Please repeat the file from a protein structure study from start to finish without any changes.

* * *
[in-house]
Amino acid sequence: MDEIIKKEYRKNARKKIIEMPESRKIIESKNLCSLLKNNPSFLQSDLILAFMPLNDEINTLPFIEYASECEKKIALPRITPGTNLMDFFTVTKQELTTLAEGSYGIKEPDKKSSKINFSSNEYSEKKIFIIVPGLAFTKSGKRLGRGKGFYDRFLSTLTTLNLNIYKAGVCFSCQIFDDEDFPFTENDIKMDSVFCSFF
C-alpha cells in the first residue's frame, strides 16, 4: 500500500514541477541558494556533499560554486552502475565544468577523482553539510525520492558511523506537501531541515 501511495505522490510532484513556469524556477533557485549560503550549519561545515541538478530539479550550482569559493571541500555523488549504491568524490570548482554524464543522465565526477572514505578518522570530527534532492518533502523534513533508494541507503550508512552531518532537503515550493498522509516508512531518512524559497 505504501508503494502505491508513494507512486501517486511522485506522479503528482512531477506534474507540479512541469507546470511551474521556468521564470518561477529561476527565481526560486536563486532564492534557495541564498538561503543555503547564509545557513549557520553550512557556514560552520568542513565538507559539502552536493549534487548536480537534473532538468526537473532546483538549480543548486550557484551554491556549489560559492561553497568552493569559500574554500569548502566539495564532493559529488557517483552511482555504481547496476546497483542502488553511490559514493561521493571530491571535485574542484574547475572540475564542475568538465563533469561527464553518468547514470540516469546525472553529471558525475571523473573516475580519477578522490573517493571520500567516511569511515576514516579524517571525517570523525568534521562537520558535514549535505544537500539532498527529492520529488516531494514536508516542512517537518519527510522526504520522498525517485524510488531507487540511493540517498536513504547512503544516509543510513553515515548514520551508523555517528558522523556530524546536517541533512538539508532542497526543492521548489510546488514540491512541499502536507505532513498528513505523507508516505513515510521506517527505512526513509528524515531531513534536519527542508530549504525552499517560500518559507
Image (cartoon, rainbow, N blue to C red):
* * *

[in-house]
Amino acid sequence: MDEIIKKEYRKNARKKIIEMPESRKIIESKNLCSLLKNNPSFLQSDLILAFMPLNDEINTLPFIEYASECEKKIALPRITPGTNLMDFFTVTKQELTTLAEGSYGIKEPDKKSSKINFSSNEYSEKKIFIIVPGLAFTKSGKRLGRGKGFYDRFLSTLTTLNLNIYKAGVCFSCQIFDDEDFPFTENDIKMDSVFCSFF
C-alpha cells in the first residue's frame, strides 16, 4: 500500500514541477541558494556533499560554486552502475565544468577523482553539510525520492558511523506537501531541515 501511495505522490510532484513556469524556477533557485549560503550549519561545515541538478530539479550550482569559493571541500555523488549504491568524490570548482554524464543522465565526477572514505578518522570530527534532492518533502523534513533508494541507503550508512552531518532537503515550493498522509516508512531518512524559497 505504501508503494502505491508513494507512486501517486511522485506522479503528482512531477506534474507540479512541469507546470511551474521556468521564470518561477529561476527565481526560486536563486532564492534557495541564498538561503543555503547564509545557513549557520553550512557556514560552520568542513565538507559539502552536493549534487548536480537534473532538468526537473532546483538549480543548486550557484551554491556549489560559492561553497568552493569559500574554500569548502566539495564532493559529488557517483552511482555504481547496476546497483542502488553511490559514493561521493571530491571535485574542484574547475572540475564542475568538465563533469561527464553518468547514470540516469546525472553529471558525475571523473573516475580519477578522490573517493571520500567516511569511515576514516579524517571525517570523525568534521562537520558535514549535505544537500539532498527529492520529488516531494514536508516542512517537518519527510522526504520522498525517485524510488531507487540511493540517498536513504547512503544516509543510513553515515548514520551508523555517528558522523556530524546536517541533512538539508532542497526543492521548489510546488514540491512541499502536507505532513498528513505523507508516505513515510521506517527505512526513509528524515531531513534536519527542508530549504525552499517560500518559507
Image (cartoon, rainbow, N blue to C red):